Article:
Spectrograms of the original stimulus (top) and reconstructed speech (bottom). doi:10.1371/journal.pbio.1001251.g002

I’ll talk more about the study itself in a moment, but how do you know when you’ve published a great paper? Traditionally it would be a matter of counting journal citations, but that captures only one strand of the complex set of influences that a paper can have. Now we can separate out these strands and follow them, each with its own characteristic. The quick spike of Twitter, the steady spread on Facebook, the rash of saves in Mendeley, of citations in F1000Prime, the complex dynamics of html page views, PDF downloads, secondary coverage in scientific and popular media and in the blogosphere, and – yes – the slow-burn of journal citations. Each has its own time course, its own demographic (age, field, background) and its own texture. And each speaks to a subtly different aspect of the work’s appeal.

There are methodological papers that emerge unnoticed and become citation classics, and there are papers on intriguing animal behaviour that are splashed across the tabloids but have single-figure citations. Two very valid forms of impact, but back in 2012 we published a truly fascinating paper, and two years of metrics show that it managed to hit both buttons very firmly.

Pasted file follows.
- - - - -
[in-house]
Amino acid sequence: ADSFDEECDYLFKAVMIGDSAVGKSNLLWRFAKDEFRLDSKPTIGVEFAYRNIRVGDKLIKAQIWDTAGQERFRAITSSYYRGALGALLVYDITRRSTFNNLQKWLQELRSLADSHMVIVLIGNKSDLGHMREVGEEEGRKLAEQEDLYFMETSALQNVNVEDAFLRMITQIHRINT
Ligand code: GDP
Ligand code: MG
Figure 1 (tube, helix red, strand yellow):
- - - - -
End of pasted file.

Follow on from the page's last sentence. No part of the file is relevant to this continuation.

Much of neuroscience arguably involves subjecting an animal to a stimulus and then trying to find out how the brain responds. This paper describes a spookily successful attempt to achieve the reverse – looking at the brain’s activity and trying to reconstruct the stimulus that must have caused it. By placing electrodes directly in contact with the auditory cortex, they were able to “mind-read” the words that the person had heard. Listen to this incredible recording of spoken words paired with their “mind-reading” reconstruction:


Red circles show the position of electrode arrays on the surface of the superior and middle temporal gyrus. doi:10.1371/journal.pbio.1001251.g001

Red circles show the position of electrode arrays on the surface of the superior and middle temporal gyrus. doi:10.1371/journal.pbio.1001251.g001